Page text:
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September 1, 2013

CEPEDA: Short-timers may teach us something

When I started my teacher-training program a decade ago, I thought I’d be teaching for the rest of my life. Full of hope that I could make a difference in the lives of my community’s neediest students, I couldn’t imagine ever wanting to walk away from such a lofty goal.

Yet, like so many others, I did — after a mere two years in the classroom.

There are many who disdain teachers who “drop out” — and have an even lower opinion of those who enter teaching knowing that it’s only for a short time.

It’s no surprise, then, that education circles are aflame because a recent front-page New York Times story trumpeted the main criticism of charter schools: The teachers don’t last long, sometimes by design.

The article described some graduates of teacher-immersion programs such as Teach for America, which gets ultra-bright college grads into high-poverty schools after a short summer training period, as career climbers. They calculate that a few years in the classroom will be both personally fulfilling and a steppingstone to more financially rewarding opportunities.

This is anathema to those who feel the only good teachers are the ones who see it as a calling worth devoting a professional lifetime to. But that’s shortsighted. Let’s consider that short-term teachers can be as effective as veterans, and maybe even better, in certain situations.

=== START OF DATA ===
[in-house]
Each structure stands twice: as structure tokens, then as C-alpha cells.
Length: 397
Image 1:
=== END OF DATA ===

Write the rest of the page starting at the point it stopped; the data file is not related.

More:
During the opening all-staff assembly at my first teaching job — where I was to instruct very low-income, non-English speaking first-graders — the principal made a point of asking the veteran teachers to be as supportive to the newbies as possible.

“Never forget that the energy and enthusiasm that our new teachers bring to their students more than make up for their relative lack of experience,” he said, giving a nod to the fact that his school had hired the best teachers available for more-challenging-than-usual jobs.

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